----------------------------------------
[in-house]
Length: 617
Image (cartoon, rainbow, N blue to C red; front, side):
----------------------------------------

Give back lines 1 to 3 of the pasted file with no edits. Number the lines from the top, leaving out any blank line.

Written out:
[in-house]
Length: 617
Image (cartoon, rainbow, N blue to C red; front, side):